A factorial study of salt restriction and a low-fat/high-fibre diet in hypertensive subjects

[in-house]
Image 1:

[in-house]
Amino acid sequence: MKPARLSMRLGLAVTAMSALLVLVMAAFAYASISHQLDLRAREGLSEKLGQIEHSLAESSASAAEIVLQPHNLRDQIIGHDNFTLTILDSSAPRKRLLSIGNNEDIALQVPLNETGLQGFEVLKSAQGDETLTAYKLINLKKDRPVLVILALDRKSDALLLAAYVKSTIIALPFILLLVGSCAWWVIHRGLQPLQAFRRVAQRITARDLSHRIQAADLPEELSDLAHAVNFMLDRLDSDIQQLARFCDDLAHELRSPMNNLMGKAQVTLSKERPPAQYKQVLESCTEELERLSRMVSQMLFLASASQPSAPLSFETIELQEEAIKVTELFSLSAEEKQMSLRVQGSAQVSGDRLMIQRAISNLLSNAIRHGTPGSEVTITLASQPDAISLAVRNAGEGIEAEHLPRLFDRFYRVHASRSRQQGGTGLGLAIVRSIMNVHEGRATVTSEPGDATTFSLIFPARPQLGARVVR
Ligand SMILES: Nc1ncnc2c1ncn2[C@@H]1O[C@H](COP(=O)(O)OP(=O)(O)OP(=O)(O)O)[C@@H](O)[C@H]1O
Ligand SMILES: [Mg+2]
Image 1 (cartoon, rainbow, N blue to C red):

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Objective:To compare the independent and additive effects of sodium restriction and a low-fat, high polyunsaturated: saturated fatty acids (P:S) ratio, high-fibre diet upon blood pressure.Design:A randomized, parallet, double-blind, placebo-controlled (for sodium) 2x2 factorial trial.Setting:Clinical.Participants:Ninety-five hypertensive subjects (mean blood pressure, 137/83 mmHg), mean age 53.5 years, consuming<30 ml ethanol/day were selected from community volunteers. Sevevty-nine treated and twelve untreated hypertensives completed the trial.Intervention:Subjects followed either a low-sodium, low-fat/high-fibre diet (<60mmol sodium/day; 30% fat energy; P:S ratio=1; 30-50g fibre/day) or a low-sodium, normal-fat/normal-fibre diet (<60 mmol sodium/day; 40% fat energy; P:S ratio=0.3; 15 g fibre/day) for 8 weeks. Half of each group received 100 mmol/day NaCI and the remainder received placebo.Main outcome measures:Blood pressure and blood lipids.Results:Sodium restriction significantly reduced standing and supine systolic blood pressure, with no effect upon diastolic blood pressure. The low-fat/high-fibre diet had no effect upon blood pressure, but significantly reduced total cholesterol, low-density lipoprotein cholesterol and high-density lipoprotein cholesterol.Conclusions:Sodium restriction reduced blood pressure and did not raise low-density lipoprotein cholesterol. A low-fat/high-fibre diet did not reduce blood pressure but lowered cholesterol levels. A combination of the two regimes has the greater potential for reducing cardiovascular risk in hypertensives.

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